He’s 6’1″ and 245 pounds, his head is shaved, and his right biceps is branded with interlocking omegas, Greek letters representing his college fraternity, Omega Psi Phi, but the word is out: Beneath the intimidating veneer is a different kind of Boston player, a leader and a gentleman who has lifted the Red Sox to great heights and taken thousands of inner-city kids along for the ride. Baseball may have it’s problems, but Boston has Mo Vaughn. — from Gerry Callahan, Sports Illustrated (1995)
At the age of 10, I knew that Mo Vaughn was different, even if I had no idea specifically why he was different.
It probably was all the things I noticed about him outwardly that Callahan called out so eloquently. A man who was built like my Uncle Butch in his prime, a dude who had a scowl that could scare James Harrison into submission, a hitter who’s swing looked like it could knock down a redwood tree. A guy who, like me, looked like he probably had to shop in the husky section for a pair of pants once or twice in his life. The man was built like an Adonis, and it made me want to go to Valkyrie Online to get my physique in order.
Maurice Samuel Vaughn was my guy.
However, what I always noticed when talking to any Red Sox fan as a teenager about their baseball team was that the discussion was almost always about someone else as Roger Clemens or Nomar Garciaparra seemed to be the name on top of their minds. It’s not that Mo wasn’t liked, but he wasn’t appreciated as THE guy, and that blew my mind. Even when he won the AL MVP award in 1995 or hit for seven RBI in one playoff game, it’s like it didn’t matter.
Vaughn would play seven seasons with the Red Sox, and if it were up to him, he would’ve finished his career there. However, his battles with the general manager and the media were too burdensome for an organization who had no intention to sign him. Vaughn was no saint during his rise to stardom, as he notoriously punched a dude in the mouth outside of a club. He also crashed his truck while coming back from the shake joint. By 1998, there was no negotiation from Boston and Big Mo signed for $80 million over six seasons to take his talents to Anaheim and play for the Angels.
It’s something that Vaughn wishes never happened. Per CBS Radio’s Jake Brown show:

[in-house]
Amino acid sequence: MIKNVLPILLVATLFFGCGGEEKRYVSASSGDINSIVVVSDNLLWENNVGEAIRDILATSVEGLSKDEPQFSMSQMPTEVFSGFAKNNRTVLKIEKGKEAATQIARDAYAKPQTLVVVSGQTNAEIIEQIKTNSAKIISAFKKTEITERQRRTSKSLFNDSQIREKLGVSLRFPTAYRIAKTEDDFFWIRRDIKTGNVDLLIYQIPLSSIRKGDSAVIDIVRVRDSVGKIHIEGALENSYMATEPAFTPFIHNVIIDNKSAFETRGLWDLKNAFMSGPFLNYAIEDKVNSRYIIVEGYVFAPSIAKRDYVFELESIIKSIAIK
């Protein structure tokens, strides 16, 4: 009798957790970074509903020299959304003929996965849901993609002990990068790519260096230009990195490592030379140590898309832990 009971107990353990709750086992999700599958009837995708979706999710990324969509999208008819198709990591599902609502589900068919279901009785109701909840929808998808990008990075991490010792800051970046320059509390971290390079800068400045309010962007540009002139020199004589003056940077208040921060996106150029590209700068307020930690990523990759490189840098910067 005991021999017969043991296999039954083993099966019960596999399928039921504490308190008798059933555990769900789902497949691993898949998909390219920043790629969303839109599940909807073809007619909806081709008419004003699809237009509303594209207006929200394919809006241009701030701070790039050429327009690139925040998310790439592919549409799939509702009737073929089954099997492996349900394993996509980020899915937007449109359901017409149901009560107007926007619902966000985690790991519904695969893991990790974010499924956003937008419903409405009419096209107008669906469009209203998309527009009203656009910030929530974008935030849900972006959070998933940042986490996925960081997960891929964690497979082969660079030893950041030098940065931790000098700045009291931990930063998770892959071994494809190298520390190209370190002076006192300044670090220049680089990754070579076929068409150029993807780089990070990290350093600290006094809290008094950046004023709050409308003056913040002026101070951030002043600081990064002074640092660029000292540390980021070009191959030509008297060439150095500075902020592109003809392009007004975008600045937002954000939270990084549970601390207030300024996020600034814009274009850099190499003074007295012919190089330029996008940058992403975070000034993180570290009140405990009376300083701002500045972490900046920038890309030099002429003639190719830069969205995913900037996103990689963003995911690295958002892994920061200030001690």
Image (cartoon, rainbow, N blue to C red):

As you get older, more mature, you go through things. Would you have one of your employees or your ballplayers talking the trash that I was talking to Boston? Probably not. And still have a job? You wouldn’t. You learn that as you get older. You’re never going to win a fight with the media, you’re never going to win a fight through the media. If I was just a little bit smarter I’d probably be sitting there right now. Things happen and you learn from it. The Red Sox new ownership is about winning world championships. They have put it together. We have got three in a decade. The ownership in Boston is tremendous to ex-ballplayers. They come back and treat you well and it’s great.
Big Mo’s name used to carry weight regarding Boston baseball. Now, new names matter more. Big Papi. Manny. Pedro. Schilling. Pedroia. When you’ve finally slayed the Yankees, when you’ve finally won championships, when you’ve finally broken curses, yeah…they win.
That doesn’t matter to me. Growing up in the 90’s, no one made me care about the Red Sox like Vaughn. When I found out that Mo was related to 4-time All-Star Greg Vaughn, I liked them both even more. (When you have time, read up on the Greg’s fight to save his goatee from the Cincinnati Reds’ mundane policy about facial hair.)
As baseball season draws near and Boston Red Sox tickets are now for sale, I’ll think back about Vaughn’s time in Boston. In particular, him being one of the last players to ever wear #42, refusing to ever back off of the plate and daring pitchers to throw inside, and for being the type of guy he was in a city that’s historically been not the kindest to a guy like that.
Oh, and that hellacious swing of his…because you can’t score if you don’t swing like your life depends on it. All hail “The Hit Dog” Mo Vaughn.
Eddie Maisonet is the founder and editor emeritus of The Sports Fan Journal. Currently, he serves as an associate editor for ESPN.com. He is an unabashed Russell Westbrook and Barry Switzer apologist, owns over 100 fitteds and snapbacks, and lives by Reggie Jackson’s famous quote, “I am the straw that stirs the drink.”